Thursday, December 29, 2011

Another Look at Love

A recent discussion of Romance novels caused me to reexamine the Greek love words. These are storge, phileo, eros, and agape. There’s little question what some of these mean. storge appears to be a fondness for the people we know. You might have this for your co-workers. phileo goes farther than that. It is more like the love that David and Jonathan had for each other and apparently, it is the love Peter had for Jesus. It reminds me of old family friends that you may not see for months, but when you get together it is like you’ve never been apart. Then there is eros which is that natural sexual desire that we all have. It is good when a man has it for his wife, but he could also have it for the Dallas Cowboys Cheerleaders. We don’t have much control over it, but we do have the choice not to act on it. Lastly, there is agape, which I suspect is misunderstood by many people.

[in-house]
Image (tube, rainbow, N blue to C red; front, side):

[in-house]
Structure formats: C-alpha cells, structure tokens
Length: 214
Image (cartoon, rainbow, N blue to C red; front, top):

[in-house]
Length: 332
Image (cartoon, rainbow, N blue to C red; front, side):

The reason I think this word is misunderstood is because people have equated agape with the unconditional love of God. We humans are not able to love like God loves, so people assume that we can never reach the level of agape love. Sounds good. The problem is that God command husbands to agapeo their wives.

Rather than looking at agape as unconditional love, as C. S. Lewis did, it seems like a better understanding is that agape is the intentional love. The other loves are built on hormones, chemistry, and chauvinism. But agape is a choice. You don’t have to like someone, or be sexual attracted to someone to be able to love someone with agape love. They may be mean and smell bad, but you can choose to love them anyway. By its nature, it is typically unconditional because a person has chosen to love someone for their own reason, rather than because of how the person looks or treats them.